THQ Nordic’s remaster of Kingdoms of Amalur: Reckoning will launch on Nintendo Switch on March 16, the company announced on Tuesday.
Kingdoms of Amalur Re-Reckoning, as the new version is called, first launched in September for PlayStation 4, Windows PC, and Xbox One in September 2020. It’s a remaster of the 2012 role-playing game by 38 Studios, whose bankruptcy shortly after the game’s launch became a political scandal for the state of Rhode Island.
Amalur is expanding its borders and heading into the unkown territory of... Nintendo Switch on March 16th, 2021.— Kingdoms of Amalur: Re-Reckoning (@ReckoningGame) January 19, 2021
Return to the Faelands and forge your fate. Uncover the secrets of Amalur and rescue a world torn apart by a vicious war - finally on-the-go! #ReReckoning pic.twitter.com/xRpPZGafnY
THQ Nordic bought the rights the Kingdoms of Amalur franchise in 2018. This remaster is developed by Kaiko, which previously delivered Darksiders 2: Deathinitive Edition and Darksiders: Warmastered Edition for THQ Nordic in 2015 and 2016.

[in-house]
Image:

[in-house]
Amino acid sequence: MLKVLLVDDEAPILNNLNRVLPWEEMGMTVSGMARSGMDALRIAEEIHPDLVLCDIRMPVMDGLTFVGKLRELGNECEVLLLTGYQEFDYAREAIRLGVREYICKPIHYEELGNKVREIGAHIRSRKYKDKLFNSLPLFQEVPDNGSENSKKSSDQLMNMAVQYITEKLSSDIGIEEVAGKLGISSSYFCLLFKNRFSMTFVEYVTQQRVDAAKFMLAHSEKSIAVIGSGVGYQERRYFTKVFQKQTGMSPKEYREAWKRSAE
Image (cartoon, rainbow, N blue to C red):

Praised as a deep, high fantasy role-playing game, Kingdoms of Amalur: Reckoning was a critical success for publisher Electronic Arts when it launched on PlayStation 3, Windows PC, and Xbox 360 in February 2012. But even in selling 1.2 million copies over its first 90 days, the game made nowhere near enough money to cover the loan that Rhode Island issued to 38 Studios.
38 Studios, founded by the former Boston Red Sox pitcher Curt Schilling, was ultimately liquidated at the end of 2013. After the sale of the company’s assets, and civil lawsuit settlements with Schilling, banks, underwriters, and other 38 Studios investors, Rhode Island taxpayers ended up paying about $28 million on the state bonds that had given the studio $75 million to relocate to Providence.
The rights THQ Nordic now controls are for the Amalur franchise; the original game’s publishing rights are still retained by EA. 38 Studios had been at work on an MMO code-named Project Copernicus when it went bust. THQ Nordic picked assets for that up as well in its 2018 acquisition.